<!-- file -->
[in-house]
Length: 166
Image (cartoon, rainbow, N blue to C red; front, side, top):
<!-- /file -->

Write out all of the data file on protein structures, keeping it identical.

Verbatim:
[in-house]
Length: 166
Image (cartoon, rainbow, N blue to C red; front, side, top):